Fatty acid Systematic name Structure wt %
Lauric acid Dodecanoic acid C12 -
Mysteric acid Tetradcanoic acid C14 0-0.1
Palmitic acid Hexadecanoic acid C16 14.1- 15.3
Palmitolileic acid Cis-9-hexadecanoic acid C16:1 0-1.3
Stearic acid Octadecanoic acid C18 3.7-9.8
Oleic acid Cis-9-Octadecanic acid C18:1 34.3-45.8
Linoleic acid Cis-9-cis-12-Octadecanoic acid C18:2 29-44.2
Linolenic acid Cis-6-cis-9-cis-12-Octadecanoic acid C18:3 0-0.3
Arachidice acid Ecosanoic acid C20 0-0.3
Behenic acid Docosanoic acid C22 0-0.22
Gadoleic acid C24 14
Saturated - - 21.1
Unsaturated - - 78.9

Table 2.

Fatty acids profile of Jatropha curcas oil [22]

In terms of availability, JC easily grows in Norwest Mexico, where our lab is located. For this reason, we set a research project to evaluate the potential of the local JC variety as source of renewable energy (i.e., biodiesel production). Notoriously, we also seek the utilization of valuable byproducts or residues of the conversion of JC oil to biodiesel; for instance, fruit husk and seed shell may lead to production of energetic pellets, part of the harvested seed shell may be used to produce humic acid, a biofertilizer; from the seed kernel, not only oil and subsequently biodiesel may be produced, but also protein flour for poultry, sheep, shrimp and tilapia (Figure 7). Once that biodiesel is produced a significant amount of glycerol become available, and we look for the production of high-added value chemical derive from glycerol catalytic conversion. Results presented hereby concern to biodiesel production, in particular the development of alternative strategies to improve the efficiency of the transesterification reaction and to decrease the overall processing cost. In this way, the proposed integrated approach clearly contributes for the development of sustainable biomass conversion processes.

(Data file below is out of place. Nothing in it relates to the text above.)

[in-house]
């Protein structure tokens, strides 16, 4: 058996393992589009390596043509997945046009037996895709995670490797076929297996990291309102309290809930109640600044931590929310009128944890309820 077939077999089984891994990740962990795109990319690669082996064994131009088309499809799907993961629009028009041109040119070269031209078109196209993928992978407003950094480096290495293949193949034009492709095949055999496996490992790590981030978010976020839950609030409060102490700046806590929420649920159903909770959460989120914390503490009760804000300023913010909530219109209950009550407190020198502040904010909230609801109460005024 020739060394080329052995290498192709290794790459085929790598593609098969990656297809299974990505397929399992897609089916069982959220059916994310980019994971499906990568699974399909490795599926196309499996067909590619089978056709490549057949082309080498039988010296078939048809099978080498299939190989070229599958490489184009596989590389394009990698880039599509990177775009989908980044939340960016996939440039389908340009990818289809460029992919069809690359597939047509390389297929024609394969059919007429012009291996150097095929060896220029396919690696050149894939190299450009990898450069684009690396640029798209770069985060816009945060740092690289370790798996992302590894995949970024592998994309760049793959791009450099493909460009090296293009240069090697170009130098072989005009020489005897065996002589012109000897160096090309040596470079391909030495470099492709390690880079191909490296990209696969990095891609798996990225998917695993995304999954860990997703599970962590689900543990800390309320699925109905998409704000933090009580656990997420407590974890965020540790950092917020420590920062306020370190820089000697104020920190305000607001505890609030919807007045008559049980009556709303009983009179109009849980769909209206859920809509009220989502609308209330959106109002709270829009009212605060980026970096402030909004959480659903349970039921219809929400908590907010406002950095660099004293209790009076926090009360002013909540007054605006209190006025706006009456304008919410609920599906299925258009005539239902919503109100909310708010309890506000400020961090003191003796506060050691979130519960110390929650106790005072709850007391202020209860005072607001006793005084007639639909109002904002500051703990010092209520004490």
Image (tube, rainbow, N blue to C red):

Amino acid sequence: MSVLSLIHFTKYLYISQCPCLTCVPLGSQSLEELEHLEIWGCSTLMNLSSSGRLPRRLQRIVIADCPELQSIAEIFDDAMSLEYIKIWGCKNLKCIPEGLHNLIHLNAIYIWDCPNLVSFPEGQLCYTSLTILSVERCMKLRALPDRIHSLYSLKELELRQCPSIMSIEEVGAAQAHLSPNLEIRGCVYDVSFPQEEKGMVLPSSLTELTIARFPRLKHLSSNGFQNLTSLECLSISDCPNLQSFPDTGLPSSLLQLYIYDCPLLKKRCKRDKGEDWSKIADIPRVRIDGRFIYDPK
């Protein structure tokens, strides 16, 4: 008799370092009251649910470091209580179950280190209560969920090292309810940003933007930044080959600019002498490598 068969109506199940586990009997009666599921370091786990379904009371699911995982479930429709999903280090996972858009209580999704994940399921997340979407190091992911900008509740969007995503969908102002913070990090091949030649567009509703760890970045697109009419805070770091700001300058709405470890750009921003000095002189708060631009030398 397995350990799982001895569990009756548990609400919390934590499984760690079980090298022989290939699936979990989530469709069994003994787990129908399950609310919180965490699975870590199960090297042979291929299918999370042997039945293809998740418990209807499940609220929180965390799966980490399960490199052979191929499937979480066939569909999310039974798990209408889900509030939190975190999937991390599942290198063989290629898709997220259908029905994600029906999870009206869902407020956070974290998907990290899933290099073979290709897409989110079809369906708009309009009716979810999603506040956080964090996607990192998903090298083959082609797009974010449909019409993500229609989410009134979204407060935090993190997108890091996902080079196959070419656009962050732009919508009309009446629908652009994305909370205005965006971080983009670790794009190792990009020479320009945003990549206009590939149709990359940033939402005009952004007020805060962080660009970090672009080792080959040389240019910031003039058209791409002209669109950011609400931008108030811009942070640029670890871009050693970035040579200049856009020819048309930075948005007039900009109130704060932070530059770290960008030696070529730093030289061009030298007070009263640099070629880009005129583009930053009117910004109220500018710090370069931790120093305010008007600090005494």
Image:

Parameter JCBiodiesel Diesel USA ASTM Europe EN
Density at 15ºC (g mL-1) 0.91 0.85 0.88 0.8-0.9
Kinematicviscosityat 40°C (mm2s-1) 3.43 2-8 1.9 - 6 3.5 - 5
Cetane number 52 47.5 "/47 >51
FAME content (%) >99 0 - > 96.5
Sulfur (ppm) 0 <5 <15 < 10
Flash point (ºC) 186 >61.5 >93 >101
Acid number (mgKOHg-1) Depend of process 0.5 0.5

Table 3.

USA and Europe international standards for biodiesel [23].

Figure 7.

Productive chain for non-toxic JC research project in Norwest Mexico [23].

5.2. Materials and methods

5.2.1. Physical chemical JC oil characterization

The study used JC from selected elite germoplsms and cultivated in three zones of Sinaloa, Mexico. The approach used to obtain Jatropha curcas oil (JCO) was the well-established cold pressing followed by solvent oil extraction. The JCO physicochemical properties studied in this work included: fatty acid profile, acid index (AI), saponification index (SI), peroxide index (PI), and iodine index (II), which were obtained following the methodologies suggested by the Association of Analytical Communities, AOAC.